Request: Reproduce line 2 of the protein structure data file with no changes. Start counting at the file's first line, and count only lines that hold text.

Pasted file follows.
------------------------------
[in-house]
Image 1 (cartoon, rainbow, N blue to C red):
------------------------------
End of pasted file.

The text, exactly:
Image 1 (cartoon, rainbow, N blue to C red):